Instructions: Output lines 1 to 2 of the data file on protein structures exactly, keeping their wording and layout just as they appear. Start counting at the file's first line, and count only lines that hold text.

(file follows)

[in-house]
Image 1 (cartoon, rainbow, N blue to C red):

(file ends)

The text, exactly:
[in-house]
Image 1 (cartoon, rainbow, N blue to C red):